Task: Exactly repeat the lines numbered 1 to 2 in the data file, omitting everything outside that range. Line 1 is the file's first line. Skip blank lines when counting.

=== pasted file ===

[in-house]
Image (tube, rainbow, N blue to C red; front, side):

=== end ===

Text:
[in-house]
Image (tube, rainbow, N blue to C red; front, side):